Mount Redoubt Volcano and the Drift River Oil Terminal

Maybe in retrospect it wasn’t such a great idea: storing six million gallons of crude oil next to a major waterway, just a few miles downstream from an active volcano with a recent history of explosive violence. But that’s just what the oil industry has done in the state of Alaska. The Chevron-operated Drift River Terminal, a battery of crude-oil storage tanks, sits on the western shore of Cook Inlet about 100 miles south of Anchorage, at the mouth of the Drift River. Location is everything — the terminal has a cranky neighbor just 25 miles upstream: Mount Redoubt Volcano awoke on March 22 from a geologically brief 18-year slumber, with a series of explosive blasts that sent ash towering into the sky and chaotic flows of ash, mud, ice chunks and boulders streaming down the Drift River valley (see photos of debris flows at the terminal, taken on March 23).

Redoubt erupts: March 26, 2009 photo by Bret Higman of Ground Truth Trekking

Check out SkyTruth’s gallery of images, showing the relative locations of Redoubt and the terminal, and outlining the likely path for debris-flows cascading down the volcano’s flank and following the Drift River channel to Cook Inlet. So far, several flows have reached the terminal, but there are not reports yet of any significant damage. With 6 million gallons of crude on board, let’s hope the terminal can withstand this onslaught – it’s likely that Redoubt will continue to erupt violently for months, as it last did in 1989-1990. The Cook Inletkeeper has additional resources here including a letter to the Department of Homeland Security requesting that they remove the oil from the storage facility.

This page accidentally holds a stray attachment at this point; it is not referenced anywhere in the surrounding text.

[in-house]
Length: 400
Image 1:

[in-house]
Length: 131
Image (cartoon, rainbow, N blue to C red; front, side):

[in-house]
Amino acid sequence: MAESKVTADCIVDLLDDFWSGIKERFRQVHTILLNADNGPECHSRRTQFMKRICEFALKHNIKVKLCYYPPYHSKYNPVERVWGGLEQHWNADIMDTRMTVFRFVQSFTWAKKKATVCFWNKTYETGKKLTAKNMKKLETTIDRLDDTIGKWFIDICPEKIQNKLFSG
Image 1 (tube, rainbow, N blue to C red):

Yesterday at about 9:30am (eastern time) I was on the phone with Bret Higman who lives in Seldovia, a town about 80 miles south of Redoubt, when he suddenly gave a shout – “Whoa, the volcano is erupting.” Hig grabbed several pics of the event, which sent ash 65,000 feet into the sky and more debris flows down the Drift River toward the oil terminal.

UPDATE 4/15/09: NASA’s Advanced Land Imager captured a stunning view of erupting Mount Redoubt with a long plume of airborne ash streaming to the southeast across Cook Inlet. The image also clearly shows multiple lahars that have flowed down the Drift River valley and around the oil terminal, with some reaching Cook Inlet. We’ve created two posters from this image (11″x15″ at 200dpi) – an overview showing the volcano and the terminal, and a cloesup detail view of the terminal.

UPDATE 9/15/09: In response to a comment, it’s not 20/20 hindsight to say this terminal is located in a high-risk area, since the last major eruption in 1990 generated a mudflow that overtopped the berm and entered the storage tank facility. That was a clear warning shot from Mother Nature. We’ve decided to ignore it and carry on as usual. If I made my living as a fisherman in Cook Inlet, I’d be pretty concerned about that.

Urban Growth: Las Vegas 1984-2009

Not everything that happens in Vegas, stays in Vegas: the city has seriously bulked up in recent decades, something that is very obvious from space. In honor of the Landsat-5 satellite’s jaw-dropping 25th year of operation, NASA has released images taken from 1984 to 2009. The population of Clark County, home of Las Vegas, quadrupled during that time from 463,000 in 1980 to just over 2 million this year.